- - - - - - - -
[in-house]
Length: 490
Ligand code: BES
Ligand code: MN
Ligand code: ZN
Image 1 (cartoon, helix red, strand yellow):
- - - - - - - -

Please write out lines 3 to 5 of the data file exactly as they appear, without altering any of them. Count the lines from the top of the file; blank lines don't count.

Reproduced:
Ligand code: BES
Ligand code: MN
Ligand code: ZN